Oka and Oka Classique

Region: Oka, Quebec
Milk: Cow
Texture: Semi-soft, washed rind

French Trappist monks, who settled in Brittany in 1815, created monastery cheese Port Salut. By 1875, their cheese had become popular in Paris. When in the late 1800’s, monks from this same order established a monastery at La Trappe, Québec, near the village of Oka, they brought the Port Salut recipe with them, creating their version, Oka Trappist Cheese. Today, they still oversee its production.

Semi-soft cheeses like Oka, are surface-ripened meaning that the ripening process starts at the surface and progresses toward the interior. The cheese rounds are placed on cypress slats and the cheeses are periodically turned and washed in a weak brine solution.

Oka has a creamy off-white to yellow interior with a smooth, homogenous, flexible texture. The rind is straw to a dark orange-red colour. There are two classifications of Oka cheese, ‘Regular’ and ‘Classic’.  ‘Regular’ Oka can be made from both pasteurized and raw milk.  It is a pressed, semi-soft cheese that is surface ripened for 18 to 21 days  while the ‘Classic’ is ripened for a minimum of 60 days in refrigerated aging cellars. ‘Regular’ Oka lacks the deep, penetrating flavours of the longer-ripened ‘Classic’ Oka.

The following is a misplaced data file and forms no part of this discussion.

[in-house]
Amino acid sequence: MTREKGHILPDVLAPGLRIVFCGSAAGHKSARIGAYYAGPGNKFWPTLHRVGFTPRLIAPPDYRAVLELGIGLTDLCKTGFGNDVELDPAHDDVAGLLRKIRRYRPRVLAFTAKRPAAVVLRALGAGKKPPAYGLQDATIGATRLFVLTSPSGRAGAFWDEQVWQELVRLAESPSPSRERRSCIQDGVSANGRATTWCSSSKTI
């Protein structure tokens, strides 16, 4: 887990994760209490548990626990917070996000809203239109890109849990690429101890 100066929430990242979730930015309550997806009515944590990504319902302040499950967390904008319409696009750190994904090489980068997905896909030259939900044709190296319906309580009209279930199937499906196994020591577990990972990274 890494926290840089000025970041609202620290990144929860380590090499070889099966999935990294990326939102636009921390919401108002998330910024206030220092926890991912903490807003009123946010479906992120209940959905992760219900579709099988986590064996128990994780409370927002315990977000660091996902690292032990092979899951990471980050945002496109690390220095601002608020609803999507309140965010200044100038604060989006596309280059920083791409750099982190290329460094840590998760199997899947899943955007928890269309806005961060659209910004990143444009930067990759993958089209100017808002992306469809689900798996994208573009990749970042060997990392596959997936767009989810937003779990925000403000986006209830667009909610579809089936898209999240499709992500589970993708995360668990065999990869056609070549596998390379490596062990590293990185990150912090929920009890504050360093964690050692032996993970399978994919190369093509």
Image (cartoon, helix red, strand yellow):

Both cheeses have a distinctively flavoured taste of the delicate subtleties of fresh, mellow nuttiness and fruitiness; it is also mellow, smooth, creamy and and buttery.  It is a taste that becomes more pronounced with the passing of time.  Its texture is smooth and creamy. The “Oka Classique” has a darker copper rind and a bolder flavour, well balanced and with a lovely, buttery linger.

Wine Pairing: A Pinoit Noir would accompany this cheese well.